Baltimore Gas and Electric runs one of the most aggressive programs in the country to shut down customers' air conditioners on days when electricity is scarce and the grid is stressed.
BGE households found out how aggressive on Friday. On one of the hottest days in recorded Baltimore history, 72,000 residences were without air conditioning for at least six hours. BGE also used its radio-controlled switches to partially cut air conditioning for an additional 278,000 homes.
Many customers said they were entirely without air conditioning from late morning until after 8 p.m. on a day when the official temperature hit 106 and the air pollution index blew past the "unhealthy for certain groups" zone and into "unhealthy for everybody" territory.
BGE swears people who signed up for the cutoff plan, designed to save energy and keep the grid from overloading, should have known what to expect in exchange for their "Peak Rewards" bill credits.
"We have represented the program fairly," Mark Case, the utility's senior vice president for regulation and strategy, told this newspaper.
Here is how BGE represented the program. On some days — according to the company's "What is Peak Rewards?" Web page — "BGE will turn your air conditioning compressor off and on for brief periods (cycling) based on the cycling participation level that you choose." When that happens, "chances are you won't even notice when cycling is occurring and the only thing you WILL notice is the savings in your energy consumption and the credits to your bill!"
To judge from the 30,000 page views and hundreds of comments that my Peak Rewards blog posts have received since Friday, people noticed the cycling.
BGE did tell customers what would happen during any given hour of a shutoff "event." If you signed up for 50 percent cycling, your air conditioner would run only half as much as normal for that hour. Those opting for 75 percent cycling and bigger credits would see the AC operate a fourth as much. For people choosing 100 percent cycling and the biggest credits, it wouldn't turn on at all.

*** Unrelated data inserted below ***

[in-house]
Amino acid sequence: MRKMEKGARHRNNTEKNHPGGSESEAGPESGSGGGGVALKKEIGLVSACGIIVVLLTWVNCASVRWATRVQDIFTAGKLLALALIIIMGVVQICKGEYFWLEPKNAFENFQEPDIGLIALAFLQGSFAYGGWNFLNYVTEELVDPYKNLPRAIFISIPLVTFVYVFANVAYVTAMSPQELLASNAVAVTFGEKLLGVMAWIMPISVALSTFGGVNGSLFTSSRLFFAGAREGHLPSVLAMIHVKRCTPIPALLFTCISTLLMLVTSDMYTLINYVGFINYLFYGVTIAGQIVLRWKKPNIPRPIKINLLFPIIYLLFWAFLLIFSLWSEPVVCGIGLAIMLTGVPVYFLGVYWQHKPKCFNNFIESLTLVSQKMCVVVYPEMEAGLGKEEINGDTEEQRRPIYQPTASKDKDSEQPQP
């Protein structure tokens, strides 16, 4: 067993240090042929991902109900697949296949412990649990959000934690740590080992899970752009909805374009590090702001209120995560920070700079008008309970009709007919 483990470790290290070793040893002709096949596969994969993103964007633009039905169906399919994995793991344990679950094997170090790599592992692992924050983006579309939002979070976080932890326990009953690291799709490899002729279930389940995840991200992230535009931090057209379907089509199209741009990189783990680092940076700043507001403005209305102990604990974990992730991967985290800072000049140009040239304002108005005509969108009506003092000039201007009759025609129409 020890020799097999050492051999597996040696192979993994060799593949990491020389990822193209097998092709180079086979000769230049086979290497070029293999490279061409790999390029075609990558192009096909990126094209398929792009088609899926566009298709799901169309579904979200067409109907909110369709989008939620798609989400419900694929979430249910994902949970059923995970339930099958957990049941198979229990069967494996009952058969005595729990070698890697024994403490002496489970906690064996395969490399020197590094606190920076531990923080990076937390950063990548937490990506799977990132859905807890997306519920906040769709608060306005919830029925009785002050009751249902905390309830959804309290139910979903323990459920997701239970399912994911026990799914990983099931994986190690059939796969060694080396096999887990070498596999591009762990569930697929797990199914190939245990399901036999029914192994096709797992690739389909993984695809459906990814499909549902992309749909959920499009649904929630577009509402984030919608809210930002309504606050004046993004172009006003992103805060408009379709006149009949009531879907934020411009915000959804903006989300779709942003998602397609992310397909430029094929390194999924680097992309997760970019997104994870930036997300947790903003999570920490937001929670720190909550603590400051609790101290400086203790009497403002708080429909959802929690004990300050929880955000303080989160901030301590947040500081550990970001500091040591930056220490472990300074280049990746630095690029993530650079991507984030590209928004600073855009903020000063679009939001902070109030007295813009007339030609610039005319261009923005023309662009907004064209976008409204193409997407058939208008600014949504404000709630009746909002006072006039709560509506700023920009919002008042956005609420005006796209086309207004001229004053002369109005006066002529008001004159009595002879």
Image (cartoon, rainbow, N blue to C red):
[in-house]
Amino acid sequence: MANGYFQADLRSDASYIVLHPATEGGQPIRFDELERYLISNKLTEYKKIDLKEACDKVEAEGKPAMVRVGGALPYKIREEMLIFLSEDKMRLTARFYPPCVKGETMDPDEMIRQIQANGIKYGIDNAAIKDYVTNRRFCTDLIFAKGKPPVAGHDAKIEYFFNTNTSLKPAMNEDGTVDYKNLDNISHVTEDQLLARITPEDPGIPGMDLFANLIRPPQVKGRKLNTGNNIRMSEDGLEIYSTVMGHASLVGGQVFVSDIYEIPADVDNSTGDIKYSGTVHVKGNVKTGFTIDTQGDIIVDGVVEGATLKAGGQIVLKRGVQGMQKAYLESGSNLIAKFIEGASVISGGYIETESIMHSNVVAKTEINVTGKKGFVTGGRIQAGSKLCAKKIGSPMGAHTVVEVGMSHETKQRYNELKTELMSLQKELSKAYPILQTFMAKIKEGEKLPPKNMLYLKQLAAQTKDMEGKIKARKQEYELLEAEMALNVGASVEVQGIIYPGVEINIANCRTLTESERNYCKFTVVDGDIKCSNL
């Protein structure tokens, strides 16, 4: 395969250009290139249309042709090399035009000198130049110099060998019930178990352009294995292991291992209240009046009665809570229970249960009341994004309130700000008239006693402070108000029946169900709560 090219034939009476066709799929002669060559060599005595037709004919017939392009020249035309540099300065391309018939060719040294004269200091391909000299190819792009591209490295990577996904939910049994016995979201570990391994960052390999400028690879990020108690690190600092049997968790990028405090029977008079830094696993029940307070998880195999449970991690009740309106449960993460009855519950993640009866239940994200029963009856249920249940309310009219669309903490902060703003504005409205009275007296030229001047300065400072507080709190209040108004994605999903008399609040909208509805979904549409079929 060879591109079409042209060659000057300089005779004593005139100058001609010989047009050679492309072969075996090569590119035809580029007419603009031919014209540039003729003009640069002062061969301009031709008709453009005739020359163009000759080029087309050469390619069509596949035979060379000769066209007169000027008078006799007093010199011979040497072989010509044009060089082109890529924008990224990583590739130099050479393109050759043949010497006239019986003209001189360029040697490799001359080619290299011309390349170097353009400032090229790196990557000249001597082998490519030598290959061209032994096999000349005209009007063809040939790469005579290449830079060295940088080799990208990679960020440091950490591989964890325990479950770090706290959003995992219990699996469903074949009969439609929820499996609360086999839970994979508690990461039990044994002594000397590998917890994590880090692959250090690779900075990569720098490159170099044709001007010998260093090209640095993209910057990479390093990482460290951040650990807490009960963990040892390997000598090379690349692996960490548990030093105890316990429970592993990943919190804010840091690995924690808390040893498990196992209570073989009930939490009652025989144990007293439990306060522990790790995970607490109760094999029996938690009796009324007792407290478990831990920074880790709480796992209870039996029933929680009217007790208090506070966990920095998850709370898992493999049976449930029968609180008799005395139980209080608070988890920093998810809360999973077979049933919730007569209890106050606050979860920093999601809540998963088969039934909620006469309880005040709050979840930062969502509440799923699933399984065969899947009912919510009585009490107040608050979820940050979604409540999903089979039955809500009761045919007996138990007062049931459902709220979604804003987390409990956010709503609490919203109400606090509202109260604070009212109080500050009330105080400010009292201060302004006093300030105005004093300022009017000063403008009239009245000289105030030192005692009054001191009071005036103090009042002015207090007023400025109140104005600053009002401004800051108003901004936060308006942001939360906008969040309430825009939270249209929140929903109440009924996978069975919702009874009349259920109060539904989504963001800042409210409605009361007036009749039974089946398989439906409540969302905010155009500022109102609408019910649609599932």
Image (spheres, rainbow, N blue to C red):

What BGE didn't say was that an "event" could last longer than it takes to watch "Lawrence of Arabia," "Dog Day Afternoon" and "Body Heat" back to back.
Many figured the shutoff period would go two or three hours at most. The word "cycling" suggests rotation among households — shutting me off for one hour and then my neighbor the next, for example.
"I'm surprised to hear you tell me people were turned off all day," says James F. Wilson, an independent energy economist and consultant based in Bethesda. "These programs exist in utilities all over the country. Usually the time when they really need the assistance is kind of from 3 p.m. to 5 p.m. They recognize that people are willing to be cut off for some period of time but not hour after hour after hour."
Anytime grid managers call for an emergency, mandatory reduction in peak demand, as they did Friday, BGE knew the "100 percent" Peak Rewards households could be shut down for up to six hours. The problem multiplied when BGE immediately initiated a second rationing period late Friday because of a substation problem and the potential instability of turning everybody back on at once.
Even people who signed up for 100 percent cycling were supposed to have their air conditioning partially running the second time. But at 7 p.m. and later, many told me, they still had zero cool. People had no idea they could be cut off for so long. They were frustrated they couldn't override the cycling. And they went crazy over BGE's clogged phone lines.
Electricity users from Virginia to New Jersey should thank BGE households for sacrificing more than anybody else to prevent Friday blackouts and brownouts.
Grid manager PJM Interconnection ordered a reduction of 2,300 megawatts in Mid-Atlantic electricity use. BGE delivered more than 40 percent of it — 971 megawatts, according to a PJM spokesman. Of that, households on the Peak Rewards plan were responsible for 600 megawatts, BGE said. That was more than any other utility contributed on Friday from residential, industrial and commercial users combined.
This is largely the result of BGE's persistent promotion of Peak Rewards, which in principle is a good program. No other utility in the country has signed such a high percentage of its household customers to its "demand response" plan, Case said in an interview.
(Full disclosure: I'm a 50 percent Peak Rewards member. Do participants include top executives at BGE and parent Constellation Energy? BGE President Ken DeFontes is a 50 percent participant, says company spokesman Rob Gould. Gould wouldn't say whether the Peak Rewards radio beams were shutting off Constellation CEO Mayo Shattuck's air conditioning on Friday or not.)
Peak Rewards cuts pollution, lowers energy bills and reduces the need for new investment. The alternative to Peak Rewards would be building a new power plant at far greater cost.
To grid managers making supply equal demand, a megawatt in turned-off air conditioners is the same as a megawatt of generated electricity. That means BGE gets millions in revenue for cycling its Peak Rewards customers. All of it is returned to households in the form of bill credits and other means, says Case.
But BGE has been too aggressive. It blew it on telling 100 percent Peak Rewards customers what to expect.
And given what happened Friday, the full-shutoff option may be too extreme for many households. Today's houses aren't built to operate without AC for that long. Senior citizens and asthmatics should never be on a 100 percent plan. The Public Service Commission ought to consider whether anybody should.
Conserving energy is a laudable goal. But canceling air conditioning all day for tens of thousands of households on the hottest day since 1936 is not the way to go about it.